Saturday, June 22, 2024

‘Starboy’ ties old sound with new concepts

Abel Tesfaye has already, at the age 26, left a lasting impression on radio. The Grammy winning, Oscar nominated artist known as The Weeknd has reigned over pop stations for the past five years. On his sixth album, “Starboy,” The Weeknd retreads similar themes to varied success.

On “House of Balloons,” released in March 2011, Tesfaye impressed many with his dark R&B sound with debaucherous lust-filled lyrics and his lush falsetto. The Weeknd canned all interviews, allowing a self-run blog with photos and the music speak for itself. This all feels like ages ago, as today, The Weeknd has become a household name in the music industry.

“Beauty Behind the Madness” soared to celestial heights, charting three singles on Billboard and earning him Grammy wins and Oscar nominations.

The new album’s follow-up was preceded by its title track and accompanying music video in which The Weeknd is killed and reborn, sheared of his familiar chicken-comb hairstyle. The song, produced by Daft Punk, was sleek and signaled a new direction filled with edgier radio hits with sleek ’80s production. Starboy, which runs over an hour and was accompanied by a 12-minute short film, is a lot to grip. If the motif of “Beauty Behind the Madness” was about Tesfaye grappling with his newfound fame, “Starboy” is a rollercoaster ride about letting fame turn you into a monster. The album’s first half fits into his discography of rollercoaster rides of lurid sexual behaviors. The biggest risk is the punk-inspired “False Alarm,” where Tesfaye chooses to scream the chorus. The previous Max Martin party songs have been swapped for Daft Punk produced bangers with synths and a subdued bass. The second half is more experimental.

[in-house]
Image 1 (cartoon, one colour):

Overall, the album is never a failure and succeeds in its quest to tackle a number of genres. The album overall carries an ’80s rock vibe but only hastily before switching to the next sound. There’s the slowed down disco song, “I Feel It Coming;” the Prince-inspired ballad, “Die For You;” the R. Kelly rendition, “True Colors” and the Chicago-House beat “Secrets.”

Starboy sneakily acts as a concept album about finding and falling for the similarly icy Stargirl. After Tesfaye meets his prize, embodied here by singer Lana Del Rey in songs like “Stargirl Interlude,” he softens and the album’s second half is littered with twinkling love songs.

The problem is, The Weeknd may have lost the creative direction and restrained approached that made his music infectiously listenable. “Starboy” recycles The Weeknd’s formula of upbeat melodies and braggadocious lyrics and has too many attempts at what a generic ’80s album should sound like.

3.5 stars out of 5

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